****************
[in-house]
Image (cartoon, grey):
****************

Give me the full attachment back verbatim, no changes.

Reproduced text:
[in-house]
Image (cartoon, grey):